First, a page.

CHEM 560

Current Trends in Materials Science

Instructor: Natia Frank

Content: The purpose of the course is to introduce students to some of the grand challenges in materials chemistry through a discussion style format.  We will use concepts in structure and bonding to understand challenges in the design, synthesis, and characterization of current materials in chemistry. An emphasis is placed on small molecules and polymers as opposed to solid-state materials and nanoparticles, though often the boundary between these types of materials is vague. In addition, topics have been selected with a focus on technologies relevant to alternative energy and decreased power demand, however, students are encouraged to submit additional topics for the course. In addition to the knowledge gained through exposure to various topics of relevance to materials chemistry, students will develop skillsets for critical evaluation of published work in the field, formal presentations, and participating in scientific discussion.

The course will cover current topics in materials chemistry including: solar cells, hydrogen storage, photocatalytic water splitting, graphene and carbon allotropes for charge storage, organic electronics and devices, light emitting diodes, electrochromics, spintronics, single molecule and chain magnets, contrast agents in medicine, biomaterials and biosensors.

Course Materials: This course is a survey of selected topics in materials chemistry relevant to energy and environmental policy. Materials for the course are comprised of journal articles from leading journals across the disciplines of chemistry and general science. Additional resources associated with each topic are listed on the website, along with the primary reading material.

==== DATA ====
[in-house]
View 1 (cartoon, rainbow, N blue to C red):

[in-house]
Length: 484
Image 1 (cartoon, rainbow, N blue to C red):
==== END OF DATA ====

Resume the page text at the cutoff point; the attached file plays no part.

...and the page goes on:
Learning Objectives: At the conclusion of the course, the students should be able to:

  • Describe current trends in materials chemistry and their relevance to society
  • Describe the chemistry and current technical (practical) challenges in each field covered.
  • Prepare and deliver a presentation on a topic in the course
  • Carry out thoughtful discourse using the ideas of structure and bonding to understand and address challenges in materials chemistry
  •  Identify several technologies being developed for alternative energy, electronics, and biomedicinal technologies.

Expectations: The format of the course will be literature-based, with one topic covered each week. The class will meet twice a week on Monday and Thursday morning, and will consist of a weekly topic that will span at least two lecture periods. The Monday class will involve discussion of the background relevant to the topic, and the Thursday class will include a presentation of a high-impact publication in the field, chosen by the presenter. The paper chosen should be sent by email as a pdf at least one week prior to the presentation, and will be available on the course website.

Assessment: Final evaluation of performance in the class will be based on (i) participation and contributions made to discussion, and (ii) in-class presentation.